Welcome to Stanford: The NSO Conversation

Your initial meeting is a time to get acquainted, gauge how your student is handling their transition to Stanford, and help them begin to develop a plan for moving forward . Some of your advisees may expect you to plan their schedule for them; as an advisor, you may choose to use that expectation as an opportunity to direct them toward the tools they can use to do this for themselves.

The New Student Orientation (NSO) Group Meeting

As a Pre-Major Advisor, you are charged with helping your advisees feel like they belong at Stanford.  The students in your group are all drawn from the same residence complex by their (shared) Academic Advising Director, but they probably won't all be from the same dorm. They may be tired, nervous, excited, anxious, euphoric, frightened, and/or homesick and your first meetings are the perfect opportunity to build connection, belonging, trust, and comfort..  Here are just a few ideas for how to get the most out of the group meeting:

  • Ask your advisees to interview and/or introduce one another to the group
  • Ask them to describe the NSO experience in one word, one song, one image, one sound, and one smell
  • Do a "Show-and-Tell" where they describe an object they bought from home that has personal meaning for them.
  • Take a silly group photo in front of a Stanford landmark
  • Ask them to write a letter to themselves that you will send them at the end of their freshman year
  • Use the Three Books prompts on this website to start a conversation
  • Ask each student to share one thing they learned at an Engaging with Faculty panel
  • Give them postcards to send to someone who helped them get here, so they can say "Thank You" or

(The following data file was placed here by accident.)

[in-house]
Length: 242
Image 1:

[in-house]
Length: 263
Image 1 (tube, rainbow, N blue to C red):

The New Student Orientation (NSO) 1:1 Conversation

Getting to know each other

See if you can find the reason you were matched with one another . Share your role at the university, and  your reasons for volunteering to be a PMA . This is a great time to talk about Stanford’s Multiple Mentor Model, the advising philosophy that students are best served when they are able to seek guidance from multiple sources, and to explain that you are one of many people they can use to gather information and weigh options but ultimately it’s up to them to make their own decisions . 

Preparation and transition

You may ask: What are you most apprehensive about? What are you most excited about? Are you settling in okay? How is the move going? Questions like: How and when did you arrive at Stanford? Tell me about your high school—what would have been a typical day? What do you think the biggest change will be at Stanford? may seem simple, but they can tell you a great deal about a student’s background, support and academic preparation . 

A few pointers

For student still unsure about what classes to enroll in, directing them toward the Engineering Handbook or Cardinal Compass can be tremendously helpful . Stress that the first week is a time of flexibility and that while they may choose to visit a few classes before deciding on a final study list, it can be problematic—or impossible—to add classes after that first Friday . 

Setting expectations

Remind your student that until they declare a major you will meet with one another each quarter, and that they will have an advising hold in Axess until that meeting; their Autumn Quarter hold will be lifted automatically at the end of NSO, but you will lift their Winter Quarter ADV hold after your Autumn Quarter meeting . Identify the best ways of reaching one another, and agree on who will initiate contact (typically the student), and when.